As I was sitting in that room, listening to people recount the privilege that was reigning around them, I saw people’s faces fall more and more. It shook me, because I remember when I used to think like that. I remember the feeling of utter defeat, and how easy it was to believe that because of my circumstances, I would always be ten steps behind everyone else. But this was before I found that everything is about choice and perspective (embed happy now – previous article). You can either view your impediments as just that, or you can choose to let them bolster you forward and allow you to develop the skills necessary to handle any new environment, something people who have always been comfortable will never have. Do not be set in your discontent. The most impressive people are the ones who have come from nothing.
If you feel as though a teacher is being ignorant of your circumstances in what they discuss in class, or that a peer is not understanding your perspective of a situation, do not stand for it. That pit in your stomach doesn’t need to be a reflection of how you will feel forever. Show that peer how you feel and ask what they meant with that statement; give them a chance to show you that they are ignorant not bad. Find your community of people, come up with solutions, and go talk to your professor after class so you don’t need to always feel ten steps behind. Ignorance is not necessarily malicious, and if you perceive that it is, you have the responsibility of having the open-minded conversation necessary to eradicate that ignorance.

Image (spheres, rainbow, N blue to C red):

You are stronger than you know, and you can do almost anything you put your mind to, but the first step is to believe that you have that power. Inequality and segregation are irrefutably real; people flock to those they perceive as similar to them in both appearance and status. That gap you feel is cavernous, but it is only deepened by our own perception of its depth. It is not impassible. It can be bridged, but only by those who are brave enough to take that risk. The fact that you’re at Cornell is proof that you have already overcome thousands of obstacles to create that bridge.
The world is cruel. We live in a society that still discriminates in careers and in life. But it is changing, and you can be a part of the change starting with how you see your disadvantages now. You will have to put in more work than others; that is an unfortunate truth. But you don’t need to see this fact as a stumbling block, but an edge to being your best self that those you perceive as privileged will never have. Do not be silent. Embrace your disadvantages. Become the person that only you can be.